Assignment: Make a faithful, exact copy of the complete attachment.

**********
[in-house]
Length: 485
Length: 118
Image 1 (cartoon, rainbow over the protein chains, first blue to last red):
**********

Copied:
[in-house]
Length: 485
Length: 118
Image 1 (cartoon, rainbow over the protein chains, first blue to last red):